Is there virtue in being competent, formidable, and dangerous? Coming from a life spent in the martial arts, firearms, defensive tactics and as a military veteran, subconsciously I’ve always thought so. I must admit though, at times I wondered if this was something that only others with a background similar to mine could appreciate. That being said, though I’ve spent my life developing these skills, I never stopped to consider the philosophical reasons why this was true.
Over the past two years, the world has changed significantly. The political unrest, lockdowns, supply chain issues, cancel culture, defunding / defaming of law enforcement and the rioting by Antifa, BLM, and others have shown that our once safe United States of America is becoming progressively unsafe.
Instinctively, I have chafed against these changes because both I and my business have been affected by them. So a little over a year ago I made the decision to work in the field of private security; something I now do in addition to my career as a school owner and instructor. Due to my extensive background in the “hard skills,” and after several friends with military / law enforcement backgrounds prompted me, I decided to join them working for a local private security firm.
Naturally I approached this, as I do all new endeavors, with The Empty Cup mindset which has made it enjoyable, fulfilling, and profitable. In just one year I have clocked over 750 hours of experience working in a variety of venues. Sometimes in uniform, sometimes in plain clothes, sometimes wearing body armor, but at all times – being armed and dangerous.
After all, what purpose would it serve to employ someone as a private security specialist, bodyguard, or executive protection specialist if they were less formidable than the people you wanted to be protected from?
Still, it wasn’t until I came across an interview by Jordan Peterson that I sat down and personally considered why being dangerous was indeed a virtue. Peterson, a clinical psychologist, author and speaker from Canada, is considered a controversial figure in some circles and so naturally I wanted to hear what he had to say and judge it for myself.
The interview, conducted by noted journalist John Stossel, and located on YouTube, was simply amazing. Here, Mr. Peterson outlines why there is virtue in being dangerous. While on the surface this may sound primitive, barbaric, or even repulsive to some, his logic is nonetheless indisputable.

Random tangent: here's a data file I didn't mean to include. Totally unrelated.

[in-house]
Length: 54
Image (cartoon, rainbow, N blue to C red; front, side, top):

Several of the key-points which Peterson makes are:
- Competent and dangerous are the alternatives to being weak and naïve.
- Being weak is not good. For example, the people who commit active shooter events against school children are “weak” and it moves them to violence against others when they can’t cope with the hardships of life.
- It takes strength to be good, and to do the right things (e.g. step up and take responsibility, own up to one’s mistakes, defend what is right in the face of persecution, continue forward despite hardships, etc.)
- If you’re not formidable, there’s no morality in your self-control. If you’re incapable of violence, not being violent isn’t a virtue.
These are just a few of his points and I highly encourage you to watch the interview for yourself. However, what really caught my ear was the analogy Peterson made regarding martial arts. He went on to discuss how the martial arts teach the capacity for being physically dangerous as well as tempering this by teaching the capacity for self-control.
The concepts of self-control, self-discipline, honor, tradition, and personal integrity are universal and run through the martial arts like a watermark.
In nearly every culture around the world, those who practice martial arts or serve in the military or law enforcement are highly-trained in the skills of violence and counter-violence. Yet these skills require that these same individuals be a responsible stewards of them, tempering these skills with a set of moral or ethical precepts. Examples of this are seen in the US military’s Six Articles of the Code of Conduct; in Chinese kung fu as is the concept of Martial Morality; and in the Japanese martial arts as Budo (the Warrior’s Way), just to name a few.
Indeed there is no virtue to be found in “doing no harm,” if one is fully incapable of doing harm in the first place. Why praise and laud someone for their restraint if they are essentially powerless and impotent in the first place? This is akin to praising someone for their generosity, when they graciously give out other peoples’ resources.
It is only through having capacity, yet restraining it; being formidable but abstaining from action; being dangerous, but exercising self-control, that true virtue can be achieved.
Truly, there are only two types of people in this world: those who have the skills to defend themselves and loved ones in a bad situation, and those who don’t. Therefore I would encourage you, whether male or female, regardless of your age, to empower yourselves with the capacity to be dangerous – should the need arise. Take a basic self-defense class, even better is to join an on-going martial arts class, or perhaps begin training in the safe use of firearms. All of these activities will serve to strengthen your mind and body, and will be a benefit your entire community. Remember, there is virtue in being dangerous.
In closing, I quote one of the most famous authorities on the topic of having abundant strength yet exercising limitless restraint in spite of it:
Behold, I send you forth as sheep in the midst of wolves: be ye therefore wise as serpents, and harmless as doves.
Jesus the Christ, Matthew 10:16 (KJV)
Good luck, be strong, and be dangerous!